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Deadline: Sunday the 9th of February.
In addition to this, participants can choose to do an Optional "Light Separation Study" Study, in any medium.
The title may seem a little confusing, but this is not a complicated study. I got the idea the Gurney Journey blog. Most scenes can be simplified by describing the light and dark areas. The result gives a surprisingly clear image, and it can also give you some interesting ideas about (tonal) composition. As mentioned on Gurney's blog, this is also a helpful exercise if you tend to get stuck in 'muddy' middle value painting.
Make a study in just two values - light and dark. No middle values, colours or soft transitions.
Reference subject is up to you - just make sure there a good separation of light and shadow. Most photographic reference should be suitable.
Be sure to check out the reference links below for some extra reading as well as great examples.
Gurney Journey Link 1, Link 2
Come on soldiers! Flex those muscles!!
Got questions? The Spartan Camp FAQ may help you out!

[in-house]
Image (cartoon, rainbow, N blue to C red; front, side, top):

HALL OF FAME - SPARTAN CAMP #293
Last edited by Anthis; February 10th, 2014 at 04:21 PM.
Gurney is the man! "Middle value mumbling" is something i struggle with, I didn't know there was a term for it.
Here are some studies, let's see if I'll make it to fifty.
I like the optional Middle value mumbling isn't my biggest problem but this optional is pretty helpful (besides, I tend to forget I should push my values. Theoretically I know about it and I love it but reality is harsher).
This week I feel closer to drawing, I think I will have much more stuff.
Here is the first bunch. I already learned one thing or two, for example, what should I avoid in 2 color style... (Draperies! )
I'm weak with hair and fur as usual...
I used Levels in PS because I used gray instead of blinding white. What if I keep my future ones black and gray?
Oh and I totally did parts black and originally darker parts white if the result would read better that way, local contrasts could be more important than actual brightness...
It was a bit similar to the fun, fun time when I did a transfer picture and had only one color besides the transparent background.
I totally will do other anime ones. I usually prefer when the faces are loosely refd and more realistic but it couldn't happen yet, despite using photos and a mirror. Good thing I'm very stubborn, especially when enthusiastic.
shin, these are positively the most beatiful things I've ever seeen from you! I especially love the cat and the boy in the cap.
messed around with my chow figure a bit, trying this thing out.